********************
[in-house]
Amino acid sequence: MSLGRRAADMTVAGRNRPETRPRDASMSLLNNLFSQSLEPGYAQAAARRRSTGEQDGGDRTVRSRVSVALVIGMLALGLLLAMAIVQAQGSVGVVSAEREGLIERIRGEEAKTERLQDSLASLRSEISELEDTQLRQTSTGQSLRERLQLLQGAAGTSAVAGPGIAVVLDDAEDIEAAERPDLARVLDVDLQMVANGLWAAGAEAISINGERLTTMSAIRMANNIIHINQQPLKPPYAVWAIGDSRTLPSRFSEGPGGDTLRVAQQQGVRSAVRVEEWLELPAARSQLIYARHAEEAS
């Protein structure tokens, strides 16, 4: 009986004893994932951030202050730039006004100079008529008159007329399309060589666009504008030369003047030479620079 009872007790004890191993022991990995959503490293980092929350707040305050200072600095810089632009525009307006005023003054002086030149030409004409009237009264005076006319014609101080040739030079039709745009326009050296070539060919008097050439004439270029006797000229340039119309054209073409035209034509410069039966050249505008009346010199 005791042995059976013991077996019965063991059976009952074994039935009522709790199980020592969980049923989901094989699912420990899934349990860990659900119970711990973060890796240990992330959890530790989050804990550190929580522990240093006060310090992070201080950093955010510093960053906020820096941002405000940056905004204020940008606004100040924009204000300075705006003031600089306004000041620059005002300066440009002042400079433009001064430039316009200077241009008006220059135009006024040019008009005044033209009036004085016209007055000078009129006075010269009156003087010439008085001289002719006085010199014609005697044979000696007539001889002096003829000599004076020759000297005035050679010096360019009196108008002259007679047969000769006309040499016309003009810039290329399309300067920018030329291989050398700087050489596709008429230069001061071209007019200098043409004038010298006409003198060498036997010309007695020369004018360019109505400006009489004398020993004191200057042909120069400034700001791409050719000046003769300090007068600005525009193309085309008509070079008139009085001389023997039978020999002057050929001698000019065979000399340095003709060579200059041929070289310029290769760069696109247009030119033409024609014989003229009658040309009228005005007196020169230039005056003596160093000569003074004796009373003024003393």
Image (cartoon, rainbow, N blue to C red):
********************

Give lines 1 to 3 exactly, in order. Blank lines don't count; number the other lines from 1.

[in-house]
Amino acid sequence: MSLGRRAADMTVAGRNRPETRPRDASMSLLNNLFSQSLEPGYAQAAARRRSTGEQDGGDRTVRSRVSVALVIGMLALGLLLAMAIVQAQGSVGVVSAEREGLIERIRGEEAKTERLQDSLASLRSEISELEDTQLRQTSTGQSLRERLQLLQGAAGTSAVAGPGIAVVLDDAEDIEAAERPDLARVLDVDLQMVANGLWAAGAEAISINGERLTTMSAIRMANNIIHINQQPLKPPYAVWAIGDSRTLPSRFSEGPGGDTLRVAQQQGVRSAVRVEEWLELPAARSQLIYARHAEEAS
């Protein structure tokens, strides 16, 4: 009986004893994932951030202050730039006004100079008529008159007329399309060589666009504008030369003047030479620079 009872007790004890191993022991990995959503490293980092929350707040305050200072600095810089632009525009307006005023003054002086030149030409004409009237009264005076006319014609101080040739030079039709745009326009050296070539060919008097050439004439270029006797000229340039119309054209073409035209034509410069039966050249505008009346010199 005791042995059976013991077996019965063991059976009952074994039935009522709790199980020592969980049923989901094989699912420990899934349990860990659900119970711990973060890796240990992330959890530790989050804990550190929580522990240093006060310090992070201080950093955010510093960053906020820096941002405000940056905004204020940008606004100040924009204000300075705006003031600089306004000041620059005002300066440009002042400079433009001064430039316009200077241009008006220059135009006024040019008009005044033209009036004085016209007055000078009129006075010269009156003087010439008085001289002719006085010199014609005697044979000696007539001889002096003829000599004076020759000297005035050679010096360019009196108008002259007679047969000769006309040499016309003009810039290329399309300067920018030329291989050398700087050489596709008429230069001061071209007019200098043409004038010298006409003198060498036997010309007695020369004018360019109505400006009489004398020993004191200057042909120069400034700001791409050719000046003769300090007068600005525009193309085309008509070079008139009085001389023997039978020999002057050929001698000019065979000399340095003709060579200059041929070289310029290769760069696109247009030119033409024609014989003229009658040309009228005005007196020169230039005056003596160093000569003074004796009373003024003393």